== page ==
Rare Case Study Challenges Hypocretin-1 Thresholds for Narcolepsy Diagnosis


A 26-year-old man who presented narcolepsy symptoms tested negative for the condition, but a reassessment of the cerebrospinal fluid hypocretin-1 4 years later showed a dramatic decrease.

Laure Peter-Derex, MD, PhD, neurologist at the Center for Sleep Medicine and Respiratory Diseases, Croix-Rousse Hospital, in Lyon, France

Laure Peter-Derex, MD, PhD

In a recent case report, a 26-year-old old man with symptoms of narcolepsy type 1 had tested negative for the condition using standard tests; however, 4 years later had a dramatic decrease in cerebrospinal fluid (CSF) hypocretin-1, eventually leading allowing to confirm the diagnosis.1 This report highlights the importance of reevaluating patients with intermediate hypocretin-1 values, and further contributed to the ongoing debate on alternative thresholds for diagnosing narcolepsy type 1 (NT1).

According to the International Classificiation of Sleep Disorders, the diagnosis of NT1 is based on the association of excessive daytime sleepiness plus either cataplexy and electrophysiological criteria, or a CSF hypocretin-1 concentration below 110 pg/mL.2 Upon presenting, the patient reported intermediate levels (132 pg/mL) of hypocretin-1 along with negative results on polysomnography and multiple sleep latency test.

In the reassessment, the patient’s clinical increase in sleepiness, cataplexy burden, and sleep paralysis as well electrophysiological worsening was associated with a considerable reduction in CSF hypocretin-1 levels, which were below 50 pg/mL. At the same time, the patient demonstrated a mean sleep latency of 2min and 15s and had 3 sleep onset rapid-eye moment periods (SOREMp) with another SOREMp observed on the night of a polysomnography.

“Currently, NT1 diagnosis is accepted for patients with intermediate hypocretin-1 range only if they have typical cataplexy and electrophysiological criteria. Thus, our patient did not meet criteria for NT1 at the first evaluation yet performed 6 years after symptoms onset (including typical cataplexy),” senior author Laure Peter-Derex, MD, PhD, neurologist at the Center for Sleep Medicine and Respiratory Diseases, Croix-Rousse Hospital, in Lyon, France, and colleagues wrote.1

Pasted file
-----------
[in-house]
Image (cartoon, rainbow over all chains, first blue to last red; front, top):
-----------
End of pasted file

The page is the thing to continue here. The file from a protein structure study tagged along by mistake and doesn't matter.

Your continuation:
The patient presented to the Sleep Medicine Center of Lyon University Hospital in February 2021 for suggestive symptoms of narcolepsy. He attended business school as a student, had no medical or surgical history, and reported being a regular consumer of tobacco as well as occasional use of cannabis. At the age of 16 years, the patient experienced typical cataplexy symptoms including emotions, sleep paralysis, and disrupted nighttime sleep, and by the age of 20 years old, sleepiness was reported.

“Of note, the cataplexy had occurred before the sleepiness, which is not typical as sleepiness is commonly the first symptom of NT1.It may be hypothesized that sleepiness was ‘trivialized’ in the context of the changes in sleep schedules associated with adolescence or that the patient adapted to it by optimal use of naps, to the extent that it became less disabling for him,” Peter-Derex et al noted.1

Further results showed that on the Narcolepsy Severity Scale,the patient scored a 25 out of 57 and a 17 out of 24 on the Epworth Sleepiness Scale, indicating typical partial cataplexy occasionally on a weekly basis and total cataplexy on a monthly basis. Following the first assessment in 2016, a diagnosis of narcolepsy was suggested with the patient at the age of 21 years old. During the first overnight polysomnography, a SOREMp was observed, yet mean sleep latency test (MSLT) results remained normal. At first, modafinil and then pitolisant (Wakix) was recommended at that time but the patient discontinued treatments because of weight loss up to 11 pounds and insufficient efficacy. Eventually, the patient coped with sleepiness by taking naps for 3 years instead of taking any prescribed medication for the condition.

During the first visit at the Lyon Sleep Center, investigators recommended a reintroduction of modafinil, in which a full reassessment was scheduled following the discontinuation of the treatment. In August 2021, the second investigation was conducted with a full polysomnography night and then a MSLT. At this time, the patient scored 36 out of 57 on the Narcolepsy Severity Scale. Although the patient was reportedly satisfied with modafinil treatment at only 100 mg per day, he reported a significant increase in partial and generalized cataplexies that had become a daily occurrence several months later. Following that, an anticataplectic treatment with venlafaxine was recommended and also proved effective at the dosage of 37.5mg per day.

“Recently a CSF hypocretin-1 cutoff of 150 pg/ml was found to best predict the presence of typical cataplexy and/or positive electrophysiological findings.It was proposed to combine biological (hypocretin-1 level) and clinical (typical cataplexy) features in diagnosis criteria for NT1, keeping in mind issues related to the intraassay variability associated with hypocretin-1 level. This approach has the merit of improving the sensitivity of the assay by compensating for the associated loss of specificity through the addition clinical and paraclinical criteria,” Peter-Derex et al noted.1

1. Ricordeau F, Bridoux A, Raverot V, Peter-Derex L. Progressive narcolepsy: how to deal with intermediate hypocretin-1 values?. J Clin Sleep Med. 2023;19(7):1375-1378. doi:10.5664/jcsm.10576
2. Sateia MJ. International classification of sleep disorders-third edition: highlights and modifications. Chest. 2014;146(5):1387-1394. doi:10.1378/chest.14-0970
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